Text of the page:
Thursday, December 16, 2010

Rape, Anonymity, and All Things Inbetween

Okay unless you have been actively avoiding it I'm sure by now you are familiar with Julian Assange, founder of WikiLeaks, and the two rape accusations against him. When it comes to rape charges one of the things that quickly becomes a hot topic is anonymity.

With the way things are now when someone is accused of rape people pretty much bend over backwards in most cases in order to keep the alleged victim's identity secret while at the same turning the life of the accused into an open book. In fact often times when the identity of the accused does come to light people will often react quite negatively.

Will it would seem that in this case the identities and contact information of Assange's accusers has been made public (and to answer your question no I didn't provide a link in order add to the spread of the info, I added because I refuse to make this one of those posts where I go on and on about something that got from somewhere and cop out by not providing a link to where I'm coming from).

I'm a bit mixed on this.

I'll be the first to say that given the stigma that rape carries I find it to be pretty unfair that as soon as an allegation is made the life of the accused becomes fair game while even in the event that allegation is false the identity of the accuser is still a tightly guarded secret (meaning that the criminal is free to strike again, funny how people seem to not notice that when its the other way around). But I don't think that tit for tat is the way to go.

Its true that once the identity of the accused is known people will likely go after them. Calling them names, threatening them, and otherwise trying to shame them and pass judgment on them. Its also true that this happens to the accused as well. However when that happens people try to take that "Oh well they're a rapist fuck them and their feelings. They deserve what they get." (And I'll be getting back to that "They deserve what they get." part in the future.)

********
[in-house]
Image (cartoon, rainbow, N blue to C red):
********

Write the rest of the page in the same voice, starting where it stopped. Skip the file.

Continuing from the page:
Should those women be investigated and have their stories run through with the proverbial fine toothed comb? Hell yes because the stakes are pretty high when talking about rape. You're talking about the rest of the life of the accused or the accuser or both. In this particular case you could be talking about either Assange getting put away for something he didn't do (*) or two women who had a terrible crime committed against them never getting justice. Those are high stakes on both sides. And when the stakes are so high a balance needs to be made where the accuser and the accused both get their fair shot at justice.



(In my efforts to keep the rape allegations and WikiLeaks business separate there will be no discussion of WikiLeaks here. They are two separate events and one should have no bearing on the other. If you want to talk about the rape allegations have at it. If you're dead set on talking about WikiLeaks you are more than welcome to do so here.)

* - Warning. There will be no derailing claiming that false accusations don't harm the accused or that there is no incentive to make a false accusation. There is proof of it and frankly I think the only way you can miss it if you intentionally ignore it.
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